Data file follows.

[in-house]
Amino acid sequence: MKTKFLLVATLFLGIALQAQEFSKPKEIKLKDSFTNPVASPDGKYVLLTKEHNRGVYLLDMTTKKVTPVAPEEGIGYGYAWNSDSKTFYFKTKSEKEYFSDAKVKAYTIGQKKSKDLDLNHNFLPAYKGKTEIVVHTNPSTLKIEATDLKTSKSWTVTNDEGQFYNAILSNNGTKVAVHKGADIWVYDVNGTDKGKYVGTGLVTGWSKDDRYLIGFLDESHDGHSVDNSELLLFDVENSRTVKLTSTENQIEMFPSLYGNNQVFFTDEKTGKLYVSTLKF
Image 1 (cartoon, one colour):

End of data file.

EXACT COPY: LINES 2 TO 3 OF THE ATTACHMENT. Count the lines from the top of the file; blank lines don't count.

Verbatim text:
Amino acid sequence: MKTKFLLVATLFLGIALQAQEFSKPKEIKLKDSFTNPVASPDGKYVLLTKEHNRGVYLLDMTTKKVTPVAPEEGIGYGYAWNSDSKTFYFKTKSEKEYFSDAKVKAYTIGQKKSKDLDLNHNFLPAYKGKTEIVVHTNPSTLKIEATDLKTSKSWTVTNDEGQFYNAILSNNGTKVAVHKGADIWVYDVNGTDKGKYVGTGLVTGWSKDDRYLIGFLDESHDGHSVDNSELLLFDVENSRTVKLTSTENQIEMFPSLYGNNQVFFTDEKTGKLYVSTLKF
Image 1 (cartoon, one colour):